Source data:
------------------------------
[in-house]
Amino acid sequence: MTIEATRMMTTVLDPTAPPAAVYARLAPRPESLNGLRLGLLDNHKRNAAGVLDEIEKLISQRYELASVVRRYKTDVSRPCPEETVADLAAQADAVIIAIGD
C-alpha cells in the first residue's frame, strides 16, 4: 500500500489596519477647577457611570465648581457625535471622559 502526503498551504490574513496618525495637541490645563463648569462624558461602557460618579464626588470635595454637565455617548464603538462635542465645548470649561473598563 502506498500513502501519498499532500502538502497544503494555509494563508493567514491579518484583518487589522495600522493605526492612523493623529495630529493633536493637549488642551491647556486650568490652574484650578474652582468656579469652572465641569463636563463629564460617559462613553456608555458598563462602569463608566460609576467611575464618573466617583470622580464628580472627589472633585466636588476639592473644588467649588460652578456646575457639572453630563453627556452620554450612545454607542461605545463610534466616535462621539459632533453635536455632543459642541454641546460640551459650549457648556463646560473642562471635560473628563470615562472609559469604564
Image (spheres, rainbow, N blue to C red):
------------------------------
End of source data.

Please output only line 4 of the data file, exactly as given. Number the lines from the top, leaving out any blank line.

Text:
Image (spheres, rainbow, N blue to C red):